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Syrian health workers in Lebanon: supporting an informal workforce in crisis

Syria’s health professionals have been displaced to neighbouring countries including Jordan and Lebanon since the devastating civil war began in 2011. Our mixed-methods research focused on Lebanon, exploring the emerging phenomenon of qualified Syrians carrying out informal healthcare work to meet local needs. We found a diverse workforce practising in the informal sector, predominantly in primary care settings and as volunteers. But interviewees reported living in fear of exposure and experience wage discrimination in comparison with locals. We recommend that the Lebanese government consider limited registration for Syrian healthcare workers — enabling them to deliver services formally to Syrian refugees — and that donors radically expand the scale and scope of their support for education and training initiatives in the region to prevent the generational gap in the Syrian health workforce from growing.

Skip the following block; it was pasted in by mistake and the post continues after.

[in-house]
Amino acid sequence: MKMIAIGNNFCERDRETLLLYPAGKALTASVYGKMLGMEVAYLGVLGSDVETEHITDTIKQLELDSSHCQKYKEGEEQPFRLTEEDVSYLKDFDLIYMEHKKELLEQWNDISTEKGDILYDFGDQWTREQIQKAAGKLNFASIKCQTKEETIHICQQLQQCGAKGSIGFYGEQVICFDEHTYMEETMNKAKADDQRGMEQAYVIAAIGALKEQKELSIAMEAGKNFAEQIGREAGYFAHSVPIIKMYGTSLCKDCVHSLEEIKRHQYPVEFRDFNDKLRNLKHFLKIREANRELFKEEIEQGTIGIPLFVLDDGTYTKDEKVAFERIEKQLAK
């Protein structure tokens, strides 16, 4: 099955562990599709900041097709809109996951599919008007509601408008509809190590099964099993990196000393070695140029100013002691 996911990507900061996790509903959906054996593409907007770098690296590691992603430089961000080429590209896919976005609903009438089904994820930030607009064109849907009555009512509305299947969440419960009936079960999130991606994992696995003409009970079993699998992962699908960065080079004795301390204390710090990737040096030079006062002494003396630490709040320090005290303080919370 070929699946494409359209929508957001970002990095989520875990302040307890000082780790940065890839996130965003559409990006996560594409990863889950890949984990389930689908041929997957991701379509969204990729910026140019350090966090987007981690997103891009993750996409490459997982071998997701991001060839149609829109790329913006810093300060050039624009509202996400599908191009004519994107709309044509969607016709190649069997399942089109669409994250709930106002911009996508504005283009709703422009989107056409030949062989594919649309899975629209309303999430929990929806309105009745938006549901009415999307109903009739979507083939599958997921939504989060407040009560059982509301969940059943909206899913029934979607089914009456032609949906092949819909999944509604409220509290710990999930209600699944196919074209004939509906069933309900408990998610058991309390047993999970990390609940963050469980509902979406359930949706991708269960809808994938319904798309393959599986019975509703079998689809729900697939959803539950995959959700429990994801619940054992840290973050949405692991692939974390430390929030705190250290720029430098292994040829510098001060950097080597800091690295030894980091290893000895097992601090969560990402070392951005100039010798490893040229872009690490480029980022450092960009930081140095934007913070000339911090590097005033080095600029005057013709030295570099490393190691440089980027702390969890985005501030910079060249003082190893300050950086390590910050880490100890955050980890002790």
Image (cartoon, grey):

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Urban areas are increasingly the sites of humanitarian crises, from natural disasters to conflict and displacement. Through a programme of research, documenting and learning from experience and development of tools and approaches, IIED is working to build the knowledge and capacity to respond of humanitarian actors working in urban areas, and of urban actors facing humanitarian crises.

More at www.iied.org:
Urban Crises Learning Fund

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